Using data profiles to select digital asset management systems (DAMS)



Many grants, including grants from the National Science Foundation (NSF) require recipients to utilize data management plans; some grants, like those given by NSF, require recipients to place their data in searchable data repositories. It is difficult to find one data repository that meets every researcher's needs. To solve this problem, we utilized Purdue's Data Curation Profile Toolkit to interview researchers at our university and assist in developing data profiles/plans. These profiles provided the Digital Asset Management (DAM) project team with valuable information about the researchers' data needs. The DAM project team created a matrix of the researchers' data needs and used the matrix to evaluate the credentials of 24 Digital Asset Management Systems (DAMS). The team was able to select the DAMS that met the needs of researchers. Using this method, any university could select a DAMS and be confident that it would meet the needs of the researchers it was intended to serve.


Data curation is complex. Researchers have reservations regarding data curation because of the perceived threat of intellectual property theft. Many researchers are also concerned about the usefulness of raw data being placed into a repository: if the raw data is undecipherable to others, what good can come from making it publicly accessible? Institutions have concerns over the cost of data curation and librarians see data curation as a gargantuan task with no reasonable path or solution (Purdue, n.d.).

In 2011, the National Science Foundation (NSF) brought This is the space reserved for copyright notices. the problem of data management to the forefront by requiring researchers to include data management plans in their grant proposals and by requiring researchers to share their data, generally via a publically accessible repository (NSF, 2011). Regardless of NSF requirements, data management is a problem that needs to be solved. Higgins notes that digital curation is no longer bound to only use preservation techniques that require data to be stored in a vault with only one or two authorized users (2011). To further her point, Digital Asset Management Systems (DAMS) offer many efficient solutions that incorporate metadata and in so doing, DAMS help to increase access for all users.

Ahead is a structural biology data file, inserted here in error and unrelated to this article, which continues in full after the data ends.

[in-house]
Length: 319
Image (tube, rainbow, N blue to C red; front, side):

According to McCord (2002), “a DAMS infrastructure can ingest digital assets, store and index assets for easy searching, retrieve assets for use in many environments, and manage the rights associated with those assets,” and is “used to capture, catalog, store, and manage digital assets” (p. 1). These assets can range from assets that are born digital and those that are digitized (Currall & Moss, 2009). The question is: how can libraries select a DAMS that will meet the needs of their researchers, universities and funding institutions while providing sustainable digital preservation and access?


The Digital Asset Management (DAM) project team completed two sections for this research: data curation profile development and digital asset management system (DAMS) selection.